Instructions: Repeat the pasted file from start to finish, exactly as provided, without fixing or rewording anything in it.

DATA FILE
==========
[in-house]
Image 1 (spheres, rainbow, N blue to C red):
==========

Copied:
[in-house]
Image 1 (spheres, rainbow, N blue to C red):